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I came along the following function definition

f[a_, b_, c_][r_] = ...

with some function on the right hand side. Is this equivalent to

f[a_, b_, c_,r_] = ...

or

f[{a_, b_, c_},r_] = ...

?

If so, what are the advantages or field of use of these different definitions? Are there more possibilities?

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marked as duplicate by ciao, bbgodfrey, C. E., Daniel Lichtblau, Dr. belisarius Mar 31 '15 at 16:08

This question has been asked before and already has an answer. If those answers do not fully address your question, please ask a new question.

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    $\begingroup$ No, these are not equivalent. Why don't you try the different forms and discover the differences. Great way to make the learning stick. $\endgroup$ – ciao Mar 31 '15 at 14:00
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    $\begingroup$ Possible duplicates here and here $\endgroup$ – ciao Mar 31 '15 at 14:11
  • $\begingroup$ agree @ rasher, with trying the different forms this I have tried to convey in my answer to encourage @wondering. $\endgroup$ – penguin77 Mar 31 '15 at 19:02
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Example 3 is very different from example 1 and 2.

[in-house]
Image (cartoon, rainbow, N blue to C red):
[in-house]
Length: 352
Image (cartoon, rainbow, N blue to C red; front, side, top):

Example 2 is a function with 4 arguments whereas example 3 has two arguments, first argument is a list with three elements{a_,b_,c_} and 2nd argument is r.

Function names are in Mathematica not only defined by their names but by their name,structure of arguments and the names of the arguments.

Comparing example 1 and 2, they both called like a function with 4 arguments. Example 1 with the double brackets works because function definition are stored as rules in Mathematica and evaluated by the kernel's pattern matching engine. However example 1 seems awakened to me, because it complicates the syntax without adding any benefit.

Let's have a look how the tree examples are being called by a Pure function:

Example 1:

f[a_, b_, c_][r_] := a b c^r
f[#1, #2, #3][#4] &[1, 2, 3, 4]
(* 162 *)

Example 2:

 f[a_, b_, c_,r_] := a b c^r
    f[#1, #2, #3,#4] &[1, 2, 3, 4]
    (*162*)

Example 3:

 f[{a_, b_, c_},r_] := a b c^r
    f[#1, #2] &[{1, 2, 3}, 4]
    (*162*)

In general it is preferable to limit the number of arguments for a function to a minimum necessary. Example 1, even that it works technically is not very readable in the code and I would recommend to avoid it.

Hint: The corresponding rules processed by the Mathematica kernel can be revealed using DownValues. For example

fn[a_, b_, c_, r_] := a+b+c+r
DownValues[fn]

(* {HoldPattern[fn[a_, b_, c_, r_]] :> a+b+c+r} *)

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